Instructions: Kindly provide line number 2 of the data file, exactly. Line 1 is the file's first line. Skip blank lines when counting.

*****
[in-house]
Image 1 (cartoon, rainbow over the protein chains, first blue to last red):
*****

Image 1 (cartoon, rainbow over the protein chains, first blue to last red):